Risk Management: What Needs Fixing, What Doesn't


Here are the top five corporate risk management areas in need of improvement, according to more than 600 internal auditors:

1. Emerging risks;

2. Evaluating and changing risk appetite levels;

3. Setting risk appetite;

4. Defining risk appetite; and

5. Strategic risk.

This information ranks among the most compelling findings of Protiviti's 2011 Internal Audit Capabilities and Needs Survey, a 40-plus-page report released last week.

This “Needs to Improve” analysis represents a new category within a report that has appeared each of the past five years.

Emerging risks are just that: risks that have yet to fully materialize. Robert B. Hirth Jr., Protiviti's executive vice president and head of global internal audit, gives five examples: new industry rules; new business regulations (think Dodd-Frank); the impact of new technology (think smart phones); geopolitical upheaval (Libya's effect on oil prices); and natural events (the impact of the Japanese crisis on high-tech supply chains).

Hirth, who I will interview about the study in an upcoming post, also says that the survey respondents' focus on risk appetite and strategic risk (which together relate to the risks companies choose to take on as the result of specific assumptions and certain organizational biases) reflect what he and his team recently have witnessed in the field.

The survey findings indicate that the following risk-management areas are performed with relatively high levels of competency (and therefore, are least likely to need improvement):

1. Process-level risk;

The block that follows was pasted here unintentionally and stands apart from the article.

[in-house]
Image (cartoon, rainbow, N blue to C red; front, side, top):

2. Functional-level risk;

3. Transaction-level risk;

4. Location-level risk; and

5. Operational risk.

Respondents also identify compliance risk for financial reporting, public company reporting of risk, risk avoidance and the evaluation of risk reporting (both at the operating unit level and at the senior management level) as areas of relatively high competency.

The fact that financial reporting risks are regarded as relatively low would suggest that internal auditors are impressed by the long hours their finance and accounting colleagues have logged in managing internal controls in accordance with Sarbanes-Oxley. This finding also suggests that GRC currently represents more of an efficiency effort, as opposed to an effectiveness effort, as it relates to financial reporting risk.

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GRC expert Eric Krell supplies the Business Finance community in-depth articles and commentary examining governance, risk, and compliance.

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